April 1, 2013 (Vol. 33, No. 7)
John Sterling Editor in Chief Genetic Engineering & Biotechnology News
When Watson and Crick in February 1953 discovered that the shape of the DNA molecule was a double helix, it was the first step in a life science revolution that reverberates now and will continue to do so into the future. Moreover, the publication of their findings in Nature on April 25, 1953—“We wish to suggest a structure for the salt of deoxyribose nucleic acid”—established the scientific cornerstone upon which the global bioindustry has been built.
I’m certain that Watson and Crick understood the critical importance of their discovery as evidenced by this paragraph toward the end of their paper: “It has not escaped our notice that the specific pairing we have postulated [adenine-thymine, guanine-cytosine] immediately suggests a possible copying mechanism for the genetic material.”
But I am not convinced they knew the degree to which their seminal paper would literally change the scientific world and, indeed, transform our basic understanding of life in a manner similar to Darwin.
To celebrate the Watson and Crick accomplishment, GEN is publishing this special section we call DNA@60. One of the six articles takes us back in time to see how the structure of DNA was eventually discovered. The other five highlight how our understanding of the structure and function of the DNA molecule has led to the development of new tools and techniques that are impacting every field in the life sciences—and beyond.
Dr. Raymond Gosling, who actually worked in the lab with Maurice Wilkins and Rosalind Franklin, whose x-ray diffraction studies of DNA largely clarified the molecule’s structure, recounts those historical laboratory activities (The Genesis of a Discovery: First Steps). Dr. Erlich writes about current and future trends in PCR (Development and Evolution of PCR).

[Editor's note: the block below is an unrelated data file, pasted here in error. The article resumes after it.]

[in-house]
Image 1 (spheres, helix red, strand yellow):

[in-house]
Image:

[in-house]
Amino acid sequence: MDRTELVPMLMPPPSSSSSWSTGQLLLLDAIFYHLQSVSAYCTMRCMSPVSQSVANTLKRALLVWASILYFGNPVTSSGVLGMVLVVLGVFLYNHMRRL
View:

Dr. Rashid Bashir describes the outlook for nano-based next-gen sequencing tools (Direct DNA Sequencing Using Nanopore Sensors) while Dr. Ian Dunham takes a look at ENCODE (ENCODE-ing the Future), which was created to identify all functional elements in the human genome sequence. Meanwhile, Dr. Richard Stein writes about how epigenetics will change the disease-treatment paradigm on a global basis in the decades ahead (Epigenetics Opens New Avenues for DNA Research).
Finally, Dr. Alan Templeton illustrates how DNA studies are constantly modifying and drastically altering our perceptions of human evolution and how our species came to populate most of the earth (Revolutionizing the “Out of Africa” Story). I hope you enjoy our celebration of DNA@60!
Want to have some fun with DNA? Check out this cute game from the Nobel Prize’s website, “DNA—The Double Helix”.